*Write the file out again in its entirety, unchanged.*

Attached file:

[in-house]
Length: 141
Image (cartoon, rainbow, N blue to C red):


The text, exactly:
[in-house]
Length: 141
Image (cartoon, rainbow, N blue to C red):